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2011 Victories: Public Prayer is Not a Constitutional Crisis

By 

Matthew Clark

|

December 23

This is the latest installment in a year-end series looking back at a few of the hundreds of victories by the ACLJ in 2011.

Just weeks before this year’s National Day of Prayer, a federal appeals court threw out a challenge by the Freedom From Religion Foundation (FFRF) to the yearly presidential proclamation calling Americans to pray. The ACLJ represented 67 Members of Congress and thousands of concerned Americans in an amicus brief urging the court to reject the anti-faith lawsuit. The court agreed stating, “Hurt feelings differ for legal injury.”

After losing their challenge to the National Day of Prayer, FFRF filed a lawsuit challenging a day of prayer in Texas. The same day we filed an amicus brief supporting this day of prayer, a federal judge rejected the atheists’ lawsuit, finding that FFRF lacked standing to sue. This echoed the argument we made in our amicus brief, and permitted this public day of prayer to occur.

Both of these cases clearly demonstrate our consistent argument: public prayer does not cause a constitutional crisis and those who disagree with prayer should not be able to silence our leaders from calling our nation to pray.

To help the ACLJ continue to have the resources we need to make these victories possible and continue these fights, please consider making a donation to the ACLJ through our year-end Matching Challenge. Your gift will be matched dollar-for-dollar through the end of the year.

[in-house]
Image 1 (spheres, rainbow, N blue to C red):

You can read more in the ACLJ’s Victories series here.

Matthew Clark

More Articles

Matthew Clark is Senior Counsel for Digital Advocacy with the ACLJ in the Washington, D.C. headquarters.

Matthew Clark

Matthew Clark is Senior Counsel for Digital Advocacy with the ACLJ in the Washington, D.C. headquarters.

2011 Victories: Public Prayer is Not a Constitutional Crisis

By 

Matthew Clark

|

December 23

This is the latest installment in a year-end series looking back at a few of the hundreds of victories by the ACLJ in 2011.

Just weeks before this year’s National Day of Prayer, a federal appeals court threw out a challenge by the Freedom From Religion Foundation (FFRF) to the yearly presidential proclamation calling Americans to pray. The ACLJ represented 67 Members of Congress and thousands of concerned Americans in an amicus brief urging the court to reject the anti-faith lawsuit. The court agreed stating, “Hurt feelings differ for legal injury.”

After losing their challenge to the National Day of Prayer, FFRF filed a lawsuit challenging a day of prayer in Texas. The same day we filed an amicus brief supporting this day of prayer, a federal judge rejected the atheists’ lawsuit, finding that FFRF lacked standing to sue. This echoed the argument we made in our amicus brief, and permitted this public day of prayer to occur.

Both of these cases clearly demonstrate our consistent argument: public prayer does not cause a constitutional crisis and those who disagree with prayer should not be able to silence our leaders from calling our nation to pray.

To help the ACLJ continue to have the resources we need to make these victories possible and continue these fights, please consider making a donation to the ACLJ through our year-end Matching Challenge. Your gift will be matched dollar-for-dollar through the end of the year.

You can read more in the ACLJ’s Victories series here.

Matthew Clark

More Articles

Matthew Clark is Senior Counsel for Digital Advocacy with the ACLJ in the Washington, D.C. headquarters.

Matthew Clark

Matthew Clark is Senior Counsel for Digital Advocacy with the ACLJ in the Washington, D.C. headquarters.

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